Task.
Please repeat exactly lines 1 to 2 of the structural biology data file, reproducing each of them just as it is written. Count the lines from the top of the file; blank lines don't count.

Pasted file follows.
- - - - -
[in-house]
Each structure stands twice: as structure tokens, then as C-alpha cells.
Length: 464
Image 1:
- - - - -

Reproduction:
[in-house]
Each structure stands twice: as structure tokens, then as C-alpha cells.